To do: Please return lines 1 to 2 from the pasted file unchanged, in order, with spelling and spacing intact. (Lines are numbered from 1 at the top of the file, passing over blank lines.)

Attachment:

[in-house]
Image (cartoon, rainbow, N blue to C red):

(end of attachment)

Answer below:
[in-house]
Image (cartoon, rainbow, N blue to C red):